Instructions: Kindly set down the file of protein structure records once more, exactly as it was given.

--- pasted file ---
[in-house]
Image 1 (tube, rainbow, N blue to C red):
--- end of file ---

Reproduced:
[in-house]
Image 1 (tube, rainbow, N blue to C red):